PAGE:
Robert Alexander Crookston Laidlaw

From Wikipedia, the free encyclopedia
  (Redirected from Robert Laidlaw)
Jump to: navigation, search

Robert Alexander Crookston Laidlaw CBE (8 September 1885 – 12 March 1971) was a New Zealand business man who founded the Farmers Trading Company, one of the largest department store chains in New Zealand. He was also a Christian writer and philanthropist.[1]


His most significant quote on Christianity is about the practice of tithing; 'From the earliest stage of my business, I tithed and received God's blessing and wisdom. But, at the same time I knew from the parable of the seeds that the Lord wishes our crop to be bountiful so it blesses him but it is a sin to harvest the crop too early, so initially my tithes were small and gifts of love and I felt God's blessing on my work. Later, when my business was a success my tithes were bountiful and I was blessed again'.

He wrote the short book 'The Reason Why', which has over 50 million copies in print.

In 2008, the Bible College of New Zealand renamed itself Laidlaw College in recognition of his role as one of the College's founders, and because of "his significant influence in both society and church".[2]

In 1935, Laidlaw was awarded the King George V Silver Jubilee Medal.[3] In the 1955 New Year Honours he was appointed a Commander of the Order of the British Empire for social welfare and philanthropic services.[4]

Postal Sunday School Movement[edit]

Robert Laidlaw founded the PSSM Bible Discovery trust was founded in 1938 with Mr. James Rowan. Mr. Laidlaw and Mr. Rowan originally started their operations separately but within 6 months of launching learned of the other and so merged their two operations.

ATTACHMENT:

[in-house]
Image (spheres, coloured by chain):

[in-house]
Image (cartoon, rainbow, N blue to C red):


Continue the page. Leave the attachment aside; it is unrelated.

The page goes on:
PSSM was founded on the idea of the mail order catalogue, something that Laidlaw had recently begun using to gather customers in the rural farming areas of New Zealand for his company Farmers Trading Company. Laidlaw used the mail order catalogue system to send 'Sunday school' lessons to children in these rural areas, thus creating the "Postal Sunday School Movement." This continued via post until 2011 when it was transferred to an email based system. At its peak, there were 9,000 subscribers in New Zealand and another 3,000 overseas. Countries served include Nigeria, Papua New Guinea, Fiji, and Samoa.

In 2010 the PSSM Trust board decided that after declining rolls and lack of engagement, they needed to strategically reinvent their presence, becoming 2ndcity Studios.


  1. ^ Dictionary of New Zealand Biography
  2. ^ Laidlaw College Prospectus 09, p.4.
  3. ^ "Official jubilee medals". Evening Post. 6 May 1935. p. 4. Retrieved 16 November 2013. 
  4. ^ The London Gazette: (Supplement) no. 40368. p. 44. 1 January 1955. Retrieved 16 November 2013.